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[*] posted on 11-9-2012 at 17:38


IIRC the oil specified was Chinese and wasn't readily available. I bought some replacement oil at my local Grainger's. I just made sure it met the specifications of the Chinese oil. I think the only specification was a viscosity range.



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CaliusOptimus
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[*] posted on 15-9-2012 at 16:04


Rotary vane pumps are designed to be run continuously. In fact they won't pull a very good vacuum until fully warmed up. The average vane pump can pull around 1x10-2mBar, so don't run it full bore on lower boiling stuff. Keep water vapor out of your pump, or the oil will cloud up and pressure will rise significantly. A few mL of water per hour shouldn't be an issue though. Take glycerol distillation for example, the first bit of boiling is water, but it won't condense due to the vacuum level. Instead it runs out the pump, which isn't really a big issue if the pump is nice and hot. These pumps are ideal for high BP stuff like H2SO4, but can also be used with success for non-polar solvents. Keep in mind that pump oil vapors are able to make it back into your rig under low flow conditions.

Pump oil should be available OTC in most cities, through an HVAC supply house. Grade or brand isn't critical. If it says "Vacuum Pump Oil" on the bottle you won't have any problems :)
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[*] posted on 16-9-2012 at 01:31


Quote: Originally posted by leu  
The vacuum has to be applied continuously since vapors are produced during distillation ;)




And they are continuously condensed by the condenser so they shouldn't reach the pump.

It's normal practice to leave vac pumps running continuously- but mainly because it saves the cost of having a valve.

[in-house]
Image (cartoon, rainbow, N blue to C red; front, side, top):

Also if the material unexpectedly decomposes and gives off a non-condensible gas like CO" or N2 that gas can make its way out through the vac pump. If there's a valve in the system you can overpressure the glassware which is never a good thing.
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Dr.Bob
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[*] posted on 16-9-2012 at 18:23


I have never seen a vacuum system that does not have some leakage, and in practical terms it is nearly impossible to maintain a consistent vacuum for any distillation or chemical process without continuing to run the vacuum. That does not mean that there won't be some residual vacuum, but not one stable enough to do good science. But unless you have some great hardware, it will leak more vacuum that you might realize. The same holds for a vacuum desiccator, if you have anything volatile in it, it will slowly lose vacuum. That's why I learned to pull a vacuum on it overnight first before closing it off, as that allows them to bled away first. The same will hold for any tubing, glassware, etc, as they all hold water vapor, organics, and plasticizers which slowly leach into the vacuum to fill it.
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watson.fawkes
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[*] posted on 17-9-2012 at 03:13


Quote: Originally posted by Dr.Bob  
The same holds for a vacuum desiccator, if you have anything volatile in it, it will slowly lose vacuum. That's why I learned to pull a vacuum on it overnight first before closing it off, as that allows them to bled away first. The same will hold for any tubing, glassware, etc, as they all hold water vapor, organics, and plasticizers which slowly leach into the vacuum to fill it.
It sounds from this description like you're seeing desorption. In vacuum systems used for physics, which are typically not constructed of jointed glassware, one standard procedure is "bake-out", which is just a cycle of heat-and-hold with a pump or trap active. The heat speeds the rate of desorption of individual molecules or atoms that are adsorbed onto the inner surfaces of the apparatus. Small apparatus go in an oven. Anything large gets heaters built into it or temporarily wrapped around it. With jointed glassware, a heat gun would speed desorption rather a lot without threatening breakage. Just to be sure, heat up both sides of each glass joint evenly, to avoid causing leaks on one hand or socket breakage on the other.